Don’t Forget Your UV Floodlight.
What can I say about Troll Hunter? Well, before the flick started, I tweeted this: “Going to see Troll Hunter. With a name like that, how can it not be awesome?”
You know what? I was right. It really is an absolute blast.
The movie presents itself as another “found-footage” documentary a la The Blair Witch Project or Cloverfield, starting off with a three-man (or, more accurately, a two-man, one-woman) student film crew out in northern Norway to shoot a piece about illegal bear hunting. They keep hearing tales from the licensed hunters about one man in particular. A man who speaks to nobody; is often seen around areas where dead bears are later found; a man known only as Hans. Our crew decide to follow Hans and try to get an interview.
The first act is made up of these kids – Thomas, the presenter; Johanna, the sound recordist; and Kalle, the cameraman – trailing Hans from campground to campground. First he ignores them, then he brushes them off. Unfortunately for Hans, the crew can’t take a hint, and his oddly tricked out camper and Land Rover (all massive floodlights and odd claw marks, with strange hairy things hanging inside) just make them more determined to get his story. After a few days of this cat and mouse malarkey the crew decide to tail Hans on a midnight trip deep into the woods. A few miles along the track, their car gets stuck and they have to continue on foot. Suddenly through the trees they see a bright flashing light and hear an almighty roar, followed by Hans running straight into them screaming one word: TROLL! You see, Hans is not an unlicensed bear hunter. He is a state-sponsored Troll Hunter. And now that the film crew’s car has been destroyed, he’s also their ride back to safety.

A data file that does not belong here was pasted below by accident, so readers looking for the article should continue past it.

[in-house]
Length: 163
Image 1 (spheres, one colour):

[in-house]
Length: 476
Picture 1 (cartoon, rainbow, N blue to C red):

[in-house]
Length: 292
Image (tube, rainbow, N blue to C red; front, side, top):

It is at this point where the writer/director Andre Ovredal really makes the documentary part stick. Every single aspect of the troll mythology is explained*, and in such a matter-of-fact way there are moments where it is easy to forget about the mock- half of the mock-doc equation. And then there are the trolls themselves. Oh, lordy. The best compliment you can give a special effect is to say that you didn’t even notice it as an effect. These trolls are completely integrated into their environments. They have mass. Unlike the clearly painted in monsters often seen in the CGI-age (such as in any number of syfy movies-of-the-week) these creatures are wholly believable. This is undoubtedly helped by the fact that they are nocturnal, so there aren’t any pesky bright daylight scenes to worry about. Saying that though, the climactic duel between Hans and the 200-feet-tall Jotnar troll is shot in a gorgeous pre-dawn twilight. You see the beast at every distance from miles away on the horizon right up to driving between its legs mid-run, but you never doubt the fact that it is there.
Out of the four species of troll featured in the flick my favourite is the bridge-dwelling Ringlefinch, probably because it is the one we get the best look at (after the Jotnar, that is), in a scene where Hans, dressed head-to-toe in his homemade armour, is trying to get a blood sample from the critter for medical tests. This decision may have also been influenced by a certain youtube clip made by an animator explaining why this particular Ringlefinch has only got one arm…
Some of the characters – okay, everyone except Hans – feel a bit short-changed in the characteristion department. The film crew themselves are barely sketched out. There is no background, no explanation of their relationships. The documentary format makes this less of a problem than it would have been otherwise, but we really need the first act build-up to get to know these kids, so that we feel for their peril when things start going batshit.
Troll Hunter gets a cinema release in the UK on 9 September. You should really go see it.
(*Except for the bit about Christians. Trolls hate Christians. They can actually smell if someone is a Christian and will hunt and eat them. The weirdest part about this is that some of the individual trolls themselves are older than Christianity. I’ll admit to not reading the bible recently, but I don’t know of any anti-troll sentiment in there)